An amicus curiae (literally "friend of the court") is someone who is not a party to a case, but offers information that bears on the case, and has not been solicited by any of the parties to assist a court.
An amicus curiae brief is a learned treatise, that is, a text that is sufficiently authoritative in its field to be admissible as evidence in a court, and is a way to introduce concerns ensuring that (the possibly) broad legal effects of a court decision will not depend solely on the parties directly involved in the case. The decision on whether to admit the information lies at the discretion of the court.
AAIDD has has taken a stand in US court cases on a number of issues including medical decisions affecting newborns, school exclusion, and exclusionary zoning of group homes to the rights of defendants charged in criminal cases. A selection of AAIDD's amicus curiae briefs are presented here:
On Intellectual Disability (Mental Retardation) and the 8th Amendment's Prohibition on Cruel and Unusual Punishment
On Diagnosis and Statutory Definition of Intellectual Disability (Mental Retardation) Bobby James MOORE v. Texas State of ARIZONA v. The Honorable Silvia ARELLANO and Michael and Rudi APELT, Real Parties in Interest Jose Garcia BRISENO v. Nathaniel QUARTERMAN, Director, Texas Department of Criminal Justice, Correctional Institutions Division Elroy CHESTER v. State of TEXAS Donald DUFOUR v. State of FLORIDA Kevin GREEN v. Gene M. JOHNSON, Director of the Virginia Department of Corrections Michael HALL v. Rick THALER Warren Lee HILL, Jr. Petition for Writ of Habeas Corpus in a Capital Case Marvin L. WILSON v. Rick THALER, Texas Department of Criminal Justice (Institutional Division)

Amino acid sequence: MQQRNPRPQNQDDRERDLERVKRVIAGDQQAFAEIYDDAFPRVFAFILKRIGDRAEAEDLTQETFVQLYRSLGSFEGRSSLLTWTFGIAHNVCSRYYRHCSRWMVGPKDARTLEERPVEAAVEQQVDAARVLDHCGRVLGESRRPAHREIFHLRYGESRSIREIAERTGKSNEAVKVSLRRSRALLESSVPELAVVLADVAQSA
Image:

On the Mandate for Integration in the Americans with Disabilities Act
On Constitutionality of P&A Access
On Due Process and the Standard of Reasonable Doubt
On Violations of Title II of the Americans with Disabilities Act
On Free and Appropriate Public Education (FAPE) for Children with Disabilities